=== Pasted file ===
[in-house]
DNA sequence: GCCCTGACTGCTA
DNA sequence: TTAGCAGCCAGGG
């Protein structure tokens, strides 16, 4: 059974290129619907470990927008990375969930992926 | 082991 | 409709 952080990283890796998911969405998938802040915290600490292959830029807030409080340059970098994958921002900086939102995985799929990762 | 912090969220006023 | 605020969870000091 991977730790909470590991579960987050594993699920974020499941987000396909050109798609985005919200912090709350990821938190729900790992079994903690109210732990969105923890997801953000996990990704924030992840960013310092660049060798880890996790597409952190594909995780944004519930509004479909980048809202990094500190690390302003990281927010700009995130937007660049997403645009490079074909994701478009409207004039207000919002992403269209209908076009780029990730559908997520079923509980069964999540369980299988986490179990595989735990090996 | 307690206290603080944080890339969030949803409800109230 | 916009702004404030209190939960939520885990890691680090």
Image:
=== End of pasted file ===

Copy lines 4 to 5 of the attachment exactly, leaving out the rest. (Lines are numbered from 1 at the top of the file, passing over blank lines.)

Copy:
């Protein structure tokens, strides 16, 4: 059974290129619907470990927008990375969930992926 | 082991 | 409709 952080990283890796998911969405998938802040915290600490292959830029807030409080340059970098994958921002900086939102995985799929990762 | 912090969220006023 | 605020969870000091 991977730790909470590991579960987050594993699920974020499941987000396909050109798609985005919200912090709350990821938190729900790992079994903690109210732990969105923890997801953000996990990704924030992840960013310092660049060798880890996790597409952190594909995780944004519930509004479909980048809202990094500190690390302003990281927010700009995130937007660049997403645009490079074909994701478009409207004039207000919002992403269209209908076009780029990730559908997520079923509980069964999540369980299988986490179990595989735990090996 | 307690206290603080944080890339969030949803409800109230 | 916009702004404030209190939960939520885990890691680090």
Image: